Ride sharing service Uber has once again been dragged into the limelight, although the timing of the news is rather suspicious. We recently had a chance to sit down with Leon Foong, General Manager and Head of Operations for Uber Malaysia, before the latest round of protests and pronouncements against the legality of Uber in Malaysia to hear about its latest plans for the country. Plans that included a new programme to attract more drivers that kicked off at exactly the same time as the latest round of protests from taxi drivers. Hmm.
Uber has been focused on expanding its services in urban areas in Malaysia, where smartphone use is the heaviest and where people are most likely to use its services. The company says that Malaysia is one of its fastest growing markets, and the service has moved beyond Kuala Lumpur and is now serving Johor Bahru and Penang.
Alongside these new markets, Foong says that the company is now working on building a more robust community of Uber drivers. The idea isn’t just that Uber provides a service for getting from one place to another, but that it provides other economic and social opportunities for those involved. This is all excapsulated in the Project Momentum hashtag of #rideinthefrontseat.
Project Momentum builds on this foundation by using partners to provide additional perks and opportunities for its drivers. At the lowest level, it will provide discount vouchers for car maintenance from workshop franchises like Lim Tayar and CitiCar. On top of that is the process of upscaling Uber’s partner drivers.
This is a combination of providing education for drivers on how to take care of their vehicles and offering achievement-based rewards under the My Uber Hero programme. On one level, the upscaling is meant to provide passengers with a better service; on the other, it also rewards Uber drivers for going above and beyond their call of duty.
My Uber Hero gamifies the job of being an Uber driver. Each month, the service will recognise drivers who have reached certain milestones. This could be driving 200 trips within a month, or providing rides mainly during peak traffic hours – little achievements that they can unlock simply by doing what they do.
Foong emphasised the opportunities that Uber presents to its drivers; not only as an avenue for earning extra money, but also personal improvement. It is a story that many would have heard among Uber drivers in other cities. While Uber does not disclose information about its Uber X drivers, he did reveal the story of a professional yo-yo competitor who works as an Uber driver to finance his trips to competitions overseas.
Centering its expansion plans around the idea of community presents a challenge for Uber to actually maintain that community. Selling people the idea of joining an exclusive club with plenty of benefits is not a difficult task, but weeding out the drivers that aren’t capable of providing the kind of service that Uber demands is another story. Project Momentum will undoubtedly see an influx of new drivers, all of which need to be vetted before they are allowed to drive for Uber. There are already enough stories from abroad for Uber to know how big a task that is.
One of Uber KL’s recent explorations was to use popular local celebrities to drive for them for a day, all in the name of charity. Pictured: DJ Leng Yein, who was one of the volunteer Uber drivers for the day.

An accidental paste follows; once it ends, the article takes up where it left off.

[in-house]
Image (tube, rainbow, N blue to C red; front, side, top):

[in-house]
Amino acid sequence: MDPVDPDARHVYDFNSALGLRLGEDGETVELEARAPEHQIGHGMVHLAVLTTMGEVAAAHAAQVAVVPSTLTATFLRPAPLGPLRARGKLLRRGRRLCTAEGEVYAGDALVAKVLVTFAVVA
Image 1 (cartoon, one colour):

On top of that, Uber’s challenge is not simply expanding its pool of drivers, but also maintaining the level of quality that it wants to deliver. It should be business as usual for the more traditional chaffeur-like structure of UberBLACK, but the nature of uber X makes this more of a crapshoot in terms of quality. So far, complaints against uber X drivers in Malaysia have been few and far between, but that is also arguably due to the small amount of uber X drivers around.
Where this goes is interesting to see. While Uber has already won many fans in the cities it has ventured into by providing a reliable service that’s miles better than what the local taxi services offer, it still tends to fall on the wrong side of regulatory bodies who are often irked at the way it tends to operate on an ‘act first, apologise later’ attitude. Project Momentum doesn’t look like it will rock the boat, but the timing of the recent protests against GrabCar and Uber could not have been a coincidence.
Nor is the fact that SPAD has yet again decided that uber X is illegal. Although it should not come as a surprise if this becomes a grey area again in a couple of months.
Uber faces substantial challenges in its expansion plans at the moment. There is no denying that the company brings a substantially better alternative to the traditional taxi service. Despite this, its attitude towards government regulations tends to produce avoidable setbacks. This was noticeable as Foong was careful to sidestep the issue of how Uber is dealing with SPAD, and the legality of its service in Malaysia. When asked, he instead went on to highlight how each Uber driver is covered by an insurance policy that kicks in whenever he or she accepts a ride.
Project Momentum and the goal of building a community hinges on the entire service gaining acceptance from the authorities. This will probably come with time, as the public has openly embraced Uber’s services, but this process still faces large amounts of opposition from many quarters, some of whom still have significant influence on regulatory bodies. Uber could surely use more drivers as it works its way into more cities in the country, but they would only come in the knowledge that they would not be on the wrong side of the law – regardless of the noble perks and rewards scheme it is pushing to its drivers.